Volume 7, No. 2
February 2020
Elizabeth Jennings's Fight for Dignity on Public Transit in 1854:
The Fight Continues in 2020
by Sue Straus

null There has been a long history in the struggle to provide equal treatment of people seeking to travel on public transportation. The Green Book was published to give African Americans a means to travel safely across the U.S. One hundred years prior to Rosa Park's action, another African American woman, Elizabeth Jennings found herself stepping up for her right to travel on a public trolley with dignity. On July 16, 1854, Jennings, a teacher, was running late to church where she was the organist, so she and a friend boarded a trolley where the conductor would allow them to ride if no white person objected. It was not recorded if anyone objected, but the conductor objected. However, the conductor could not convince the driver to stop and help him evict Jennings. Finally, a police officer boarded the trolley and threw Jennings off the trolley.

Jennings was primed to confront racial discrimination and seek retribution. She was born in Manhattan in 1827 (some records list her birth as 1830); her mother, Elizabeth Cartwright Jennings was a daughter of a man who fought with the Continental Army. Her father, Thomas L. Jennings, was a prosperous tailor, and he was the first black person to be awarded a patent in the US for a method of dry cleaning clothes in 1821.

When she was ten, Ms. Jennings delivered a lecture titled, "On the Improvement of the Mind" according to Amy Hill Hearth's book, "Streetcar to Justice" (2018). However, when Jennings later finished high school, she was not permitted to accept  her diploma with her class and was made to receive it in a separate ceremony. This allowed her to seek a teaching job.

After Jennings mistreatment on the trolley, her father sought help from the New York African Society for Mutual Relief, a charitable organization for free blacks and fellow abolitionists where a newly qualified lawyer, 28 year old Chester A. Arthur and his partners sued the Third Avenue Railroad System in Brooklyn for discrimination.

Frederick Douglass's newspaper and the New York Daily Tribune were among those that printed sympathetic accounts. Finally, on Feb. 22, 1855, Judge William Rockwell advised the jury in New York State Supreme Court that the company was required as a common carrier to convey all respectable passengers including "colored persons..." and that it was liable. Jennings sought $500 dollars in damages, the jury awarded $225 which was about a year's salary. The judge added 10% plus costs "Railroads, steamboats, omnibuses, and ferryboats will be admonished from this, as to the rights of respectable colored people," the Tribune declared.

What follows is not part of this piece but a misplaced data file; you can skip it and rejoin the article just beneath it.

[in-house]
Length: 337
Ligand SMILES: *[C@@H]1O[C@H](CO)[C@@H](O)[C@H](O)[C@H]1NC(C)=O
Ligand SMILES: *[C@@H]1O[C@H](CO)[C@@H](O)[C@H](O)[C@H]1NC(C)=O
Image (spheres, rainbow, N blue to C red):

Jennings taught for 35 years, mainly in black schools. In 1860 Jennings married Charles Graham and had one son, Thomas, who died at one. At this time, the Grahams had to sneak their way to the gravesite because of the Draft Riots by whites opposed to conscription during the Civil War. The couple soon left New York and settled in Eatonville, New Jersey. Charles Graham passed in 1867.  Jennings returned to Manhattan in 1871 where she once again taught at the Colored Grammar School, whose principal, Charles L. Reason was a pioneering black educator who challenged school segregation. In 1895, Elizabeth Jennings founded one of the first kindergartens for black children in her home in Manhattan, where she died on June 5, 1901.

The Fight for Dignity on Public Transit Continues in 2020           
We still need anti-discrimination laws on public transit for blacks and for wheel chair users

On Jan. 18, Senator Tammy Duckworth from Illinois called for a meeting with the CEO of Amtrak amid reports  that the railroad service charged a group of wheelchair users $25,000 for a normally $16 ticket to travel from Chicago to Bloomington, Illinois. The Democrat is the ranking member on the U.S. Senate Transportation and Subcommittee and is the first disabled woman elected to Congress.

The group Access Living is an advocacy organization working for the rights of disabled citizens. The group was told that the cost was necessary to offset taking out seats. Senator Duckworth said, "The Americans With Disabilities Act has been the law of the land for 30 years. Yet, in 2020, Amtrak believes it would be an unreasonable burden to remove architectural barriers that would enable a group with five wheel chair users to travel together."

January 19, on the eve of Martin Luther King weekend, once again Amtrak found itself apologizing for asking someone to move at the whim of an employee. This time, the person asked to move was African American civil rights attorney, Sherrilyn Ifill, who is the president of the NAACP Legal Defense and Education Fund. Ifill refused and said she was reminded of Rosa Parks' refusal to give up her seat on a public Montgomery, Alabama bus in 1955.  

We all owe a debt of gratitude to Elizabeth Jennings and Rosa Parks for their fight against discrimination on public transit, and their fight for all people continues in 2020.


Please use the link below to register for the event:


Join the Coalition of Labor Union Women (CLUW) 
Chicago Chapter
For its Annual International Women's Day Awards Dinner  

Thursday, March 19, 2020